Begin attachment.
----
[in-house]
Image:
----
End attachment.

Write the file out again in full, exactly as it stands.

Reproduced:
[in-house]
Image: